Tag Archives | Ortlieb USA

Rain City Bags

Frustrated by the absence of bags that would fit on the top of my stylish, new Luna rack, I had to consider the alternatives.

Which waterproof bag would be lightweight enough, mostly for use on multi-day tours such as Cycle Oregon, but could also be used for errands, as well as longer club rides and centuries?

I was not looking for a traditional set of panniers or would have selected a more heavy-duty rack to hold them.

I was more concerned that riding with one pannier would somehow throw me off-balance, or worse, “look stupid” (this, according to my sixteen year-old son who is also a cyclist).

Avenir’s medium-sized Rain City bags with a storage capacity of 910 cubic inches per bag are terrific.  The combined weight of two empty bags plus the rack is still considerably less than other “systems,” which combine a bag and rack that attaches to the seat post.

The Rain City bags are so roomy, I only needed one for my southern Oregon and northern California adventure.

They are slick-looking, silver bags made of nylon with a waterproof coating.  They attach easily to my rack and feature a roll- top closure and buckle, and come with foam inserts to maintain the shape of the bag and provide shock absorption for its contents.

Removing these inserts further reduced my carrying weight for Cycle Oregon, but will definitely be returned if I’m carrying a computer, a camera or a dozen eggs.

I’m pleased to report that I never lost my balance with one bag. I’d like to think I didn’t look stupid either.

The bag was so lightweight,  it seemed ridiculous not to keep it on my bike at all times even though gear drops were provided at nearly every rest stop.  The roll top design allows for easy access and makes expanding the size of the bag simple, while keeping its contents dry.

On day four of our trip, in the middle of one particularly hot and steep climb, I stopped to help a fellow rider who looked particularly beat.  “Are you drinking enough water?” I asked noticing both of her water bottles were full.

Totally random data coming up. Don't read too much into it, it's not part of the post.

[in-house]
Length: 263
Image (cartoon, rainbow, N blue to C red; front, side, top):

“Yes.” She insisted.

“Do you need something to eat?” I asked her.

“Yes!  You have food?”

“I’ve got a Blueberry Crisp Cliff Bar, a can of Kern Mango drink, a golden delicious apple and some Lorna Doone cookies.”

“You’re a Deli!” she said and took the Cliff bar.

I took off and headed up the hill.

Later, I saw this same friend and she told me I’d helped her finish her ride.

Me, and the Rain City Deli, that is.

Now that I’m home, I can’t wait to start riding my bike to the supermarket. My plan is to wheel my bike, (along with my Rain City Bags) through the store instead of using a shopping cart. I won’t even have to break my loaf of French bread in half, just to get it home.

Luna Racks by Tubus

I’m of the opinion that unless you are a competitive cyclist, your bike should be equipped to function in a utilitarian mode.    If you need to go to the library, bank or market, why not use your bike instead of burning fossil fuel?

Unfortunately, most bicycle manufacturers don’t see it quite the same way.  They would rather you purchase three or four bikes for different purposes.  Consequently, your road bike in the garage may not be equipped with braze-ons, which would offer you the flexibility of being able to attach a standard rear rack.

Thank goodness for the people at Ortlieb USA, the exclusive U.S. importer of Tubus (and Racktime) racks from Germany.

Their Luna model is nothing less than a work of art reminiscent of famed modern designer, Charles Eames.  Made of welded tubular stainless steel, the Luna is sleek by design, and offers simple elegance.

It’s quite a contrast to other functional, yet cumbersome racks you just can’t wait to take off your bike because they’re so ugly.

The Luna weighs in at less than a pound (435 grams or 15.34 oz) and though made of rust-proof, stainless steel, the matte finish adds to its mystique.

You won’t even consider removing this rack from your frame because its aesthetic construction blends so well with the petite lines of your bike.   But, because your frame is smaller than most, installation may be a little tricky, so it’s not a bad idea to recruit your favorite bike mechanic to help you.  The rack attaches to the frame via the rear brake bolt and if your bike has no braze-ons, Ortliebusa.com offers several adapter kits to assist in a trouble-free installation.

The top “shelf” (or “deck”) of the rack is narrow and not designed to sufficiently support a rear rack bag.

However, it will easily accommodate a set of panniers and can hold about 39 pounds of weight.

Though the cost of the Luna is more expensive than the competition, it comes with a life-time guarantee as well as a three-year “Mobile Guarantee” to registered-owners.  This means if your rack fails due to material or workmanship during this three-year period, a new Tubus rack will be sent via express delivery anywhere in the world with a deliverable address. Investing in a Tubus rack will give your bike a classy refined look. Combined with an Ortlieb bag, your next trip to the market will be more of a delightful journey.  Before you know it, everyone in your family will want one.

Some Hanky Panky has forced Me to Ask again

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